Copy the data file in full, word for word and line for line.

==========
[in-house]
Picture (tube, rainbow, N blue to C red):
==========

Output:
[in-house]
Picture (tube, rainbow, N blue to C red):